Robotic Retroperitoneal Lymph Node Dissection for Testicular Cancer

Feasibility and Latest Outcomes

Harsha R. Mittakanti; James R. Porter

Disclosures

Curr Opin Urol. 2019;29(2):173-179. 

In This Article

Postchemotherapy Robotic-assisted Laparoscopic Retroperitoneal Lymph Node Dissection for Nonseminomatous Germ Cell Tumor

In those patients receiving primary chemotherapy for NSGCT and who develop a residual mass in the retroperitoneum, RPLND is indicated for removal of the mass. Even patients with aggressive germ-cell tumors that are refractory to chemotherapy may benefit from a complete RPLND.[26] Laparoscopic postchemotherapy retroperitoneal lymph node dissection has been shown to be well tolerated, albeit technically challenging, when performed at high-volume centers with laparoscopic expertise.[27] There is significant fibrosis and adhesion of the postchemotherapy mass to the aorta and vena cava, creating potential for vascular injury that can be difficult to repair with standard laparoscopic instruments. R-RPLND offers benefit over the laparoscopic approach with superior instrument dexterity and visualization and facilitates vascular control, therefore improving the margin of safety in the postchemotherapy patient.[28–30]

A single institutional study recently reviewed R-RPLND utilizing a single-docking lateral approach for postchemotherapy NSGCT residual masses over a 3-year period.[31] Using the da Vinci Si system, an ipsilateral unilateral modified template dissection was performed. Eleven patients with a median residual mass size of 2 cm underwent R-RPLND. Median operative time was 150 min, EBL was 120 ml, and median node count was seven (range from 1 to 24). There were no intraoperative complications and only one Clavien I postoperative complication (lymph leak conservatively managed) was reported. Twenty-four month recurrence-free survival data was available for six patients, and there was no evidence of recurrence. Ejaculatory status was preserved in 72.7% of patients, although this seems low given the unilateral dissection. The majority of patients were discharged on hospital day 3.[31]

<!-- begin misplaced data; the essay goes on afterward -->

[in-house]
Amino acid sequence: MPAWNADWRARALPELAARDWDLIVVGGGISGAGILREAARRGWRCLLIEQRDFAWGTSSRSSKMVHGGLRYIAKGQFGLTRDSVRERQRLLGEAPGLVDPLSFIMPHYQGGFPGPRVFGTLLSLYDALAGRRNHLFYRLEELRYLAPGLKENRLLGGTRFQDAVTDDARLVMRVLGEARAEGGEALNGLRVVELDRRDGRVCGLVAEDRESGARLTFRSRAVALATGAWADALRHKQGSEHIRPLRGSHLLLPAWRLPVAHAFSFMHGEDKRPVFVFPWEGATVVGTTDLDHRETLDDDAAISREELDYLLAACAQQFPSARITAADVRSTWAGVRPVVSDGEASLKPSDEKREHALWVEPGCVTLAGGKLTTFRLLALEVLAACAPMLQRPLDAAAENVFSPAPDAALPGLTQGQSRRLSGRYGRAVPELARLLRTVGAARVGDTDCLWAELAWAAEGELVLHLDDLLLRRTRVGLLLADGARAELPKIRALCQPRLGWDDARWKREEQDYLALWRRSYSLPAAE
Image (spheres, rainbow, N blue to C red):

Another single institution study of R-RPLND over a 5-year period was recently reported by Singh et al..[32] There were three different approaches reported: a lateral approach with unilateral modified template dissection performed in 11 patients, a lateral approach with repositioning and redocking for a bilateral template performed in one patient, and a supine approach for a bilateral template dissection performed in one patient. Median operative time was 200 min, median EBL was 120 ml, and median lymph node yield was 20. There was one intraoperative complication (aortic injury requiring suture repair) and no open conversions. The median length of stay was 4 days. Four (36%) patients developed chylous leak in the postoperative period with two of these patients ultimately requiring reexploration for ligation of lymphatic channels. Five (45%) patients suffered an ileus. The authors did not note a specific standardized complication grading system. Pathology demonstrated that three patients had positive nodes for teratoma with the remaining eight patients having necrosis. Median follow-up for the group was 23 months with no recurrence of disease noted.[32]

These studies highlight that postchemotherapy lymph node dissection performed robotically is feasible, although larger series with longer term follow-up are needed. Additionally, a unilateral dissection in the postchemotherapy setting may represent undertreatment, and based on National Comprehensive Cancer Network guidelines, a full bilateral template dissection should be performed for postchemotherapy NSGCT masses.[3] Retrospective reviews examining the use of modified templates for the removal of postchemotherapy masses indicate a low risk of recurrence in the retroperitoneum (≤1%); however, other studies report a higher rate of recurrence.[33] A lateral approach can make performing a bilateral dissection more difficult, as repositioning and redocking is typically required. Our experience with the supine approach using the da Vinci Xi allows a full bilateral dissection to be performed with one patient position and one docking. Ultimately, R-RPLND, much like O-RPLND, will need to be performed by high-volume surgeons at centers of excellence for the best outcomes, especially in the postchemotherapy setting.[34]

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